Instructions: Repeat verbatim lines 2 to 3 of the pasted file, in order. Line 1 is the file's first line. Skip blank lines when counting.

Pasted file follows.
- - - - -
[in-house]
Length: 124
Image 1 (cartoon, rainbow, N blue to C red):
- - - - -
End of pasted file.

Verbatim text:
Length: 124
Image 1 (cartoon, rainbow, N blue to C red):